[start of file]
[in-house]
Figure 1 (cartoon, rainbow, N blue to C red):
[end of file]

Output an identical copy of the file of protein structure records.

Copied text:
[in-house]
Figure 1 (cartoon, rainbow, N blue to C red):